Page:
Early Scottish Bouldering
| R. W. Clark
and E. C. Pyatt,
in Britain (1957), remark that in the period
prior to the establishment of the Scottish Mountaineering Club
(1889) , ".
. . almost all that had been done . . . was directly in the genuine
Later, the Club encouraged rock climbing for its own sake,
although it focused primarily on winter climbing. However, it appears
- although the word itself might not have been used - had
appreciated as a training method some years prior to the formal
creation of the Scottish Mountaineering Club. In Volume 4,
Number 1 (January 1896), of the Journal of the Club, T. Fraser S. Campbell
contributed an entertaining article entitled, "On
Boulders", which describes a pleasant game similar to the
one played today.
Fraser alludes to his participation in these activities as being "many years ago", and, judging from his recollection of a climb described in the same Journal from his more youthful days in 1882, it seems probable that bouldering was practised during the mid 1880s, if not before.
Certainly, after the formation of the Club, there was some interest in pure gymnastics on small rocks, as implied by a later comment in the journal: W. W. Naismith wrote in Volume 4 (1896) of a particular climb: "It is conceivable that a line might be chosen up those rocks, any part of which could be climbed if it were, say, on a 'boulder' . . ."
|Excerpts from "On
Boulders" by T. Fraser S. Campbell
Scottish Mountaineering Club Journal, Vol. 4, No. 1 (Jan 1896)
"Many years ago there existed in Edinburgh a little coterie of enthusiasts, who were wont to devote most of their odd holidays to the exploration of the mountain systems of their native country. This was in prehistoric times, before the conception of the Scottish Mountaineering club had come to fruition.
. . .
"Upon some such occasion as this was the "Boulder Society" formed. This was the inspiration of the moment, and Stott [J. G. Stott, first editor of the Journal, died 1919] joined it with enthusiasm and offered his services as secretary, which the other half gratefully accepted. Stott's secretarial duties consisted for the most part of lying on his back in the shade with a pipe in his mouth, while the writer created 'lines of cleavage' in his nether garments, and generally defied the laws of anatomy by making improbable ascents of some Arran boulders."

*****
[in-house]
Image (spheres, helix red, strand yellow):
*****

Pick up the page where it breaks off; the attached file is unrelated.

. . .
"Now it is not my contention that one can practice the art of climbing complete - on a boulder; but I know many who have spent most pleasant hours in the pursuit of this branch of our favorite sport, which affords to the ambitious climber at least as good practice as falls to the golfer who 'putts' a ball along his drawing room carpet . . ."
. . .
" . . . the exercise of boulder-climbing is almost purely athletic, but the training to nerve and muscle may stand the climber in good stead . . . moreover it is comparatively free of danger."
. . .
"On the side of Loch Eck there is a huge rock cleft in two, the ascent of which, after several ineffectual attempts, was at last achieved by Lester [W. R. Lester] . . . In Glen Inveruglas there is a similar though smaller rock . . . an excellent climber . . . was much chagrined at his inability to . . . reach the top, from which two of his companions mocked his unavailing efforts."
. . .
"The accompaning illustrations, taken from photographs, are views of three[two] of the principal of the Arran boulders . . . In the picture to the left [Clach Mhor] is our worthy editor, grappling successfully with the mysteries of the 'friction grip' . . . [meanwhile] the Honorary Treasurer [is] engaged in a futile endeavor to establish frictional relations between his waistcoat buttons and a smooth rock surface." [balance climbing had yet to be introduced by Eckenstein on his eponymous boulder in Wales]
"It is not my intention to compare the ascent of these boulders to that of the Wastdale pillars, the gymnasium of English climbers . . . But sufficient amusement may be obtained on them to while away an idle afternoon . . ."